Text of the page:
Tuesday 1 December 2020

All Change with the Final Owners’ Opinion Blog – But don’t worry, we’ll be continuing the campaigns under the Keep Owners in Racing banner from 1st January

When we set up Owners for Owners back in 2012 as a not-for-profit organisation, our goal was to encourage owners to get together to share the costs, risks and pleasures of owning racehorses. We’ve had a lot of success, not just with the racehorses on the track but also with the super friendships across the network of owners we have built up. Long may that continue! We’re currently working on a complete rebuilding of the web site, www.ownersforowners.co.uk, which we hope will be live by 1st January. The current web site will then be archived, so if you would like to download any materials from the site, please do so during December.

However, our campaigns to secure a better deal for owners will most definitely continue. We’ll be using the www.keepownersinracing.com web site for this, and as you may already have seen, we’ve been creating lots of reports, blogs and films to promote the cause. Here are two of the latest KOIR blogs.

Get Counting – Time to Register Every Owner and Properly Understand the Ownership Base

An entertaining article by Peter Scargill from the virtual Racing Post Arms suggested a tiered system of ownership for segmenting sole owners from syndicate members on the racecourse. This is a sensible suggestion but it needs to be underpinned by data otherwise it could have a negative impact on the overall level of ownership.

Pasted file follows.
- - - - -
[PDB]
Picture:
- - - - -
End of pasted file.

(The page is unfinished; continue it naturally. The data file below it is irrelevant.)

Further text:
Surely nobody would argue that a syndicate member with 5% of one horse should enjoy the same on course privileges as a sole owner. But what about the syndicate member who owns 10% of ten horses or an individual who owns a leg in four horses?

The sensible way forward is for all the % shares of each owner to be aggregated and for the resultant data to drive a multi-tiered/ segmented ownership hierarchy. For example , Platinum for those owners with the % equivalent of five horses or more, Gold for those with 100% or more, Silver for those with 50% or more and Bronze for the rest. Racecourses could determine which level of ownership status would gain access to Owners & Trainers facilities on certain days. For instance, with an ordinary midweek meeting the racecourse might grant access to all ownership levels but a big Saturday meeting might allow just Platinum and Gold. Indeed, such status levels could increase ownership by encouraging owners to buy extra shares so they could get to the next level.